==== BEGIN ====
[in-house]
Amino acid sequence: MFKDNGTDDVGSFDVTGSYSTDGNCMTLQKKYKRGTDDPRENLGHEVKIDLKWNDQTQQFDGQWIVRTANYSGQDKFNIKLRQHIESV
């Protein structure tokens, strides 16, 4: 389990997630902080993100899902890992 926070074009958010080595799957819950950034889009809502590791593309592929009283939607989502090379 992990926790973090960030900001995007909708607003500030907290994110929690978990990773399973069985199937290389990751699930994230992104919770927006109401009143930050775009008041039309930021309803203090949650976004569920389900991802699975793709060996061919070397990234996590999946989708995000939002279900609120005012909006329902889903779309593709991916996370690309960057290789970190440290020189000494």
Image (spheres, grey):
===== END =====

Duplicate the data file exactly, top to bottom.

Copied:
[in-house]
Amino acid sequence: MFKDNGTDDVGSFDVTGSYSTDGNCMTLQKKYKRGTDDPRENLGHEVKIDLKWNDQTQQFDGQWIVRTANYSGQDKFNIKLRQHIESV
């Protein structure tokens, strides 16, 4: 389990997630902080993100899902890992 926070074009958010080595799957819950950034889009809502590791593309592929009283939607989502090379 992990926790973090960030900001995007909708607003500030907290994110929690978990990773399973069985199937290389990751699930994230992104919770927006109401009143930050775009008041039309930021309803203090949650976004569920389900991802699975793709060996061919070397990234996590999946989708995000939002279900609120005012909006329902889903779309593709991916996370690309960057290789970190440290020189000494």
Image (spheres, grey):